News

Marissa López, English Associate Professor, named one of first-ever Mellon/ACLS Scholars & Society Fellow

April 18, 2019
Professor López's project is a collaboration between UCLA and the Los Angeles Public Library to bring Mexican America to life.

Associate Professor Marissa López is one of the recipients of the inaugural 2019 American Council of Learned Society(ACLS)/Mellon Scholars & Society Fellowship. The fellowship provides faculty, who work with and advise graduate students, the opportunity to usher projects in the humanities beyond the academy as well as to work within their campuses to strengthen doctoral curricular innovation. Professor López’s project, Picturing Mexican America: A Digital, Visual, Networked History of the Future is a collaboration between the Los Angeles Public Library and UCLA to use geolocation technology to display historical images of Mexican Los Angeles relevant to a user’s coordinates through a mobile app. Guided by librarians at both institutions, student researchers will comb LAPL and UCLA archives for photographs, maps, and historical documents. In consultation with public outreach staff at both UCLA and LAPL, this project is developing user engagement strategies that digital humanities staff at UCLA are bringing to technical fruition. Collaborators will work with LAPL event coordinators and branch librarians on events designed to introduce library users of all ages to the app, inviting their reflections on Los Angeles’ rich, Mexican history and its relevance to both their own lives and contemporary politics.

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English Department establishes new undergraduate essay prize

April 16, 2019

We are happy to announce the establishment of a new annual honor, the Barbara Bellow Watson prize (including the award of $300) for the best essay on Shakespeare in the Department’s undergraduate courses. Robert N. Watson, Distinguished Professor of English and renowned scholar of Shakespeare and English Renaissance literature, has established the prize in honor of his mother, who has published books and articles on modern Irish and American literature and society from a feminist perspective, founded one of the first Women’s Studies programs in the United States (at City College of New York), published poetry in major literary journals, and has been a lifelong campaigner for world peace and social justice.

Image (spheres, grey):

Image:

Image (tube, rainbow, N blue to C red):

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Allison Carruth selected for Princeton University Anschutz Distinguished Fellowship

January 25, 2019

Congratulations to Allison Carruth, who has been selected by the American Studies Program at Princeton University to hold the Anschutz Distinguished Fellowship in 2019-2020. Endowed in 1997, the Anschutz fellowship program is designed to bring to Princeton for one semester annually a leading scholar or practitioner in American arts, letters, politics, or commerce. The chief goal is to widen the American Studies community’s intellectual horizons, and offer an accomplished figure an opportunity to take part in Princeton’s singular scholarly, teaching, and social life.

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Open Mic Night to provide platform for student poets, authors and musicians

January 22, 2019
Elena Brown, Daily Bruin

Open Mic Night is a time for people to speak their minds and speak from their hearts. The event, which will be held Thursday in Renée and David Kaplan Hall, is hosted by UCLA’s creative writing program and the English department’s quarterly Westwind Journal, allowing students of all years and majors to perform original poetry and songs under five minutes. Amara Trabosh, a fourth-year English student and the managing editor of Westwind, said she hopes the event will serve as a unifying force among UCLA students, providing them a chance to express their emotions, regardless of their academic background.

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English professor honored for book on origins of citizenship in the United States

January 16, 2019
Sidney Kantono, UCLA Newsroom

Carrie Hyde, associate professor of English at UCLA, has been awarded the 2018 Gustave O. Arlt Award in the humanities from the Council of Graduate Schools. The organization is dedicated to the advancement of graduate education and research. The award is given annually to a young scholar who has written a book deemed to have made a significant contribution to the field of humanities.

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